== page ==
The increasing responsibility of Franchisors


It is fair to say that the Protecting Vulnerable Workers Bill has been the elephant in the room in the franchising space. While its introduction is positive to help regulate the industry, it has also introduced confusion around how this will change the franchisor and franchisee relationship, and what steps will need to be taken to comply and reduce risk.

The Protecting Vulnerable Workers Bill seeks to amend the Fair Work Act and tighten the levels of responsibility between a franchisor and franchisee. The Act will be introducing larger penalties for serious violations of workplace laws and increased penalties for non-compliance in record-keeping. Where Franchisees in the past would have been responsible for violations of workplace laws, the new bill now means that Franchisors may also be deemed responsible for non-compliant practices where they knew or should have reasonably known the contraventions and failed to prevent these.

So where does this leave Franchisors? the key in short is to ensure compliance. And take it seriously.

Compliance starts with understanding the legislation in place. For example;  the Fair Work Act 2009 (Cth), Modern Awards, Occupational Health & Safety (OH&S) and Equal Employment Opportunity (EEO). To comply with these key pieces of legislation, it is critical that your franchisees:

  • are familiar with the Modern Award and minimum pay rates and entitlements that apply to their business (no risk of underpayments);
  • their record keeping meets Fair Work requirements;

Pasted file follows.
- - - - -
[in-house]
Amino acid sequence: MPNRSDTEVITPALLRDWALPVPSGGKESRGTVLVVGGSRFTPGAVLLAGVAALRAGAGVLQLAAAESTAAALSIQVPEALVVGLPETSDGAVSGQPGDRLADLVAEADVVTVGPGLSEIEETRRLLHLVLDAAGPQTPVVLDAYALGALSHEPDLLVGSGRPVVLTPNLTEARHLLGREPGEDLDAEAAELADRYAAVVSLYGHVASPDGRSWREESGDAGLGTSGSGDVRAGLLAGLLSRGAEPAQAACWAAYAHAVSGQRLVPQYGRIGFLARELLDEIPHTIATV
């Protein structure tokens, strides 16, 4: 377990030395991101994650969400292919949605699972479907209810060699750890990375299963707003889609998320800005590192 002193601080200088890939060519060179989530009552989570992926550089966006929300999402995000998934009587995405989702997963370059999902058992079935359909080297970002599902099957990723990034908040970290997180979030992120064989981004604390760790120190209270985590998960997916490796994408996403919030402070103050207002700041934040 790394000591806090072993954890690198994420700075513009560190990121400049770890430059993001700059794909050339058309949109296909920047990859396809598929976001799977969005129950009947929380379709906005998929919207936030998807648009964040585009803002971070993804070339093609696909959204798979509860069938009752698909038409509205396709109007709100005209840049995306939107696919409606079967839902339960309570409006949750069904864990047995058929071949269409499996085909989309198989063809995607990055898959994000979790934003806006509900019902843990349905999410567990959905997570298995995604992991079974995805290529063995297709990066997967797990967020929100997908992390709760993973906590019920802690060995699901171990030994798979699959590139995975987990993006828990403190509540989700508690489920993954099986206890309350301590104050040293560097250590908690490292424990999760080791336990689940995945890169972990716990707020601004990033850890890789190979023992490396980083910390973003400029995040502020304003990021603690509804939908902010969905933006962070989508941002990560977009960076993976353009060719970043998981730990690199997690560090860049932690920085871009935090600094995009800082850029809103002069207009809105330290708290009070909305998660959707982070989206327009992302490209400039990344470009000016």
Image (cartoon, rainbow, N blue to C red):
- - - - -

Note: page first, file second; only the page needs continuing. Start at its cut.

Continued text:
• contracts are compliant with the National Employment Standards and other regulations and employees are receiving the correct entitlements;
  • policies and procedures correctly outline the responsibilities and standards of behaviour expected within the business in relation to OH&S and EEO.

As each franchise network is different, the strategy to achieve compliance is also going to be different. However, the most common methods of ensuring compliance include conducting audits of each franchisee or a sample of franchisees, developing baseline documents and procedures to provide to each franchisee, arming Regional Franchise Managers with key knowledge to support franchisees with their HR, rolling out HR 101 training to arm franchisees with baseline knowledge around compliance all the way through to engaging with an outsourced HR provider to support your franchisee network.

To summarise, Franchisors may be in a vulnerable position since the Bill has been introduced.  It is therefore time to arm yourself with a strategy to begin tackling the task of ensuring compliance across your network. Have a chat to one of our HR Specialists about your specific situation and we can work with you to remain ahead of the 8 ball.

Members of the Franchise Council of Australia are able to contact the FCA HR Helpdesk for free HR advice 

Others can call HR Central on 130 717 721 for further information



HR Central

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